Bruges: 7 Reasons The ‘Venice Of Belgium’ Is Worth Visiting

Anna Brones

The only memory I had of the Belgian city Bruges was thanks to the black comedy film “In Bruges,” where the city is more or less equated to some form of purgatory. The only image I had retained was a grey, misty and dismal city with not much going for it.

Not the case.

An easy day trip from Brussels, Bruges is worth your time, and not just if your obsessed with waffles. If you’re lucky, the sun will be out and you’ll find out exactly why this picturesque European town is called the “Venice of Belgium.”

Anna Brones

1. It’s a bicycle heaven, reminiscent of other bike capitals like Amsterdam and Copenhagen, only smaller and much more manageable. There are several bike rental operations in town as well as bike tours.

2. You can eat your weight in waffles. However, although waffles are easy to find, not all are created equal. Make sure you buy yours from a place that makes their own batter and makes the waffles right in front of you instead of heating them up.

3. Nothing is more classic than the rooftops of Bruges, and the city is perfect for anyone interested in architecture.

%Slideshow-752%

4. Bruges is on UNESCO’s World Heritage list. Thanks to its Gothic center, there’s plenty to explore from the Belfry, dating back to the 1200s, and the Burgh square in front of town hall.

5. You can dive into the world of Belgian beer on pretty much any corner. If you’re a beer connoisseur you better get ready; the options are endless and it’s good to choose carefully. Here’s a good roundup of a few of the best.

6. It’s quainter than Brussels. Yeah, I said it, and although most of Bruges looks like it could be the subject of a postcard collection, you never get the feel that it’s overly touristy. There are just as many Belgians out for a day trip on weekends as foreigners.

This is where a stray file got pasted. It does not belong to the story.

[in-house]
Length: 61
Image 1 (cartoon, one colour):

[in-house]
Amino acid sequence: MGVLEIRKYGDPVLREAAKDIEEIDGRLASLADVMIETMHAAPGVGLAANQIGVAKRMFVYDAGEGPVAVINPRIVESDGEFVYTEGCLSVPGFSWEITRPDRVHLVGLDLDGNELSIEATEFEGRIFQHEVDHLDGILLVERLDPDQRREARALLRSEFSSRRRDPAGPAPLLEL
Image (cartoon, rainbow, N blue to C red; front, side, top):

7. You can tour the city by boat. There are few cities that are lucky enough to be built around canals (hello, Venice) and snagging a boat tour is a perfect way to explore all the ins and out that Bruges has to offer. So when you’ve had enough of walking or riding, track down a canal tour.

Fine dining in Antwerp

fine dining in AntwerpFor such a small country, Belgium certainly has contributed to world cuisine. French fries, for example, are actually Belgian, making that whole “freedom fries” movement back in 2003 even stupider than it appeared. They also gave us Belgian waffles, although over here they’re called “Brussels waffles” after the capital. And let’s not forget about Belgian chocolate!

I’ve been exploring Antwerp, a wealthy city with hardworking inhabitants who like to splash out on fine food. Here are four restaurants worth a visit. Office casual attire is the rule here. Entrees range from about 15-25 euros ($20-28) except at Flamant Dining, where they’re a bit more.

My first night I dined at Brasserie Appelmans. This restaurant and absinthe bar only a few steps from the cathedral in the heart of historic Antwerp is popular with both tourists and locals. It’s strange to go from the Gothic spires and 17th century facades outside to modern minimalism inside. Through dim lighting you see a split-level plan with little décor besides mirrors, exposed brick and woodwork, and candlelit black tables.